Woods of Wisdom – All about smoke woods


Much like in religion, where a common question is WWJD (what would Jesus Do), BBQ enthusiasts can often be heard asking? ?WWWWWAWWWW?? (Wondering what woods would work wonders and which woods would wilt weariness) Throughout the years, our competition team has tried an assortment of woods, here is what we have found out. The traditional woods for smoking are well known, but there are many woods out there that are perfectly suitable for your needs. While we haven?t tried them all, there is plenty of info in BBQ books and on the Internet that can help. Below is a list of woods that should answer your question ?WWWWWAWWWW.??

ACACIA ? We haven?t tried this one, but if it is essentially mesquite light. Think of mesquite like a Budweiser heavy and Acacia as Budweiser light.? Both are HEAVY on smoke flavor, Acacia toned down. A very hot burning wood, used most commonly on brisket and poultry.

ALDER ? Mild wood with a hint of sweetness.? Good with fish, pork, and chicken.

ALMOND – A sweet smoke flavor, little ash, good on all meats.

APPLE ? Use this to add sweetness to pork and chicken. Think of the pig with the apple in it?s mouth, a natural for pork. We use this as a compliment wood. For example, mix in 1 log of apple to every 4 oak, etc. Crab apple has similar properties.

ASH ? Quick burning, light smoke flavor, but unique. Most commonly used with brisket and fish.

BIRCH – Medium-hard wood with a flavor similar to maple. Good with pork and poultry.

CHERRY ? not overly powerful, but sure is sweet. Great on pork, beef, and chicken. Mixed reviews, but many folks swear it is the best wood to smoke with.

COTTONWOOD ? We have never used this, but? local gurus say it is extremely bland. Seems it is used only as fuel, not flavor. If you use it, add your another wood with it. We are not rushing to try this.

HICKORY ? Our favorite. Great flavor, almost bacon-like. When in doubt, you can?t go wrong with this on anything. It is a staple item on our rig.

LILAC ? Our teammate Chris always has some of this in his pockets and in his truck. He must enjoy the floral aroma that seems to radiate off him. As far as smoking with it, be weary. You will taste a mild floral smoke flavor. Not sure who would want that. Research shows it is most commonly used on fish.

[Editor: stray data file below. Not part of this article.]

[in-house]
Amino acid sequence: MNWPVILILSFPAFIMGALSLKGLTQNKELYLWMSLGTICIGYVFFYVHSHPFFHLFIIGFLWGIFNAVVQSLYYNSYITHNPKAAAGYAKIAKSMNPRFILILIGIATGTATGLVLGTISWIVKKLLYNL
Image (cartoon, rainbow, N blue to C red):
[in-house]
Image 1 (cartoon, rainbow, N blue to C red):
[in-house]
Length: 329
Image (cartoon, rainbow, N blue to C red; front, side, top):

MAPLE ? Another sweet tasting wood, use like apple wood.

MESQUITE ? Texas, Texas, Texas. A southern tree that will produce a heavy smoke taste and conveniently gums up your smoker. Use on large cuts of meat, otherwise you will be eating smoke. Brisket, whole chicken, pork butt, etc. Some swear there is nothing better, some refuse to use it. No real in between.

MULBERRY ? produces a taste like apple or maple, but burns pretty poorly and inconsistently. Use it if that?s all you got, most of the people we asked say its junk wood.

OAK ? Generous smoke flavor, we use tons of white oak in our competitions, usually complimented with hickory. White oak is great for building a coal bed, and the hickory takes care of the rest.? It?s our 1-2 punch

PEAR ? medium smoke flavor with some sweetness. Pork and chicken would be a good fit. Not too common in our parts.

PECAN ? Known as an all around great smoking wood. Decent smoke flavor with a hint of sweetness.? Used by many in competitions, we have used exclusively in some seasons.

WALNUT ? Mesquites step brother. Super smoky taste, almost bitter if too much is used. Use a complimentary wood with this. Better yet, use this to compliment a mild wood, like ash or almond. If you want to play a good joke, tell a first time competitor they can?t go wrong with a walnut/mulberry blend. That would be difficult to keep consistent temp and tough to produce a winning flavor.

Other fruitwood trees can be used for smoking (orange, lemon, etc.) Be sure to do your research prior to using.

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